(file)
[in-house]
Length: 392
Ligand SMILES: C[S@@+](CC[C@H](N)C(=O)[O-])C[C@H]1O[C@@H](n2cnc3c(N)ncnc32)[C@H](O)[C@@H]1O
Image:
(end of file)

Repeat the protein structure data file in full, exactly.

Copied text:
[in-house]
Length: 392
Ligand SMILES: C[S@@+](CC[C@H](N)C(=O)[O-])C[C@H]1O[C@@H](n2cnc3c(N)ncnc32)[C@H](O)[C@@H]1O
Image: